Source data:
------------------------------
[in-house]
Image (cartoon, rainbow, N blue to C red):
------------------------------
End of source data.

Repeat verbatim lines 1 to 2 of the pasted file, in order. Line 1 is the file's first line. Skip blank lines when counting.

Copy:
[in-house]
Image (cartoon, rainbow, N blue to C red):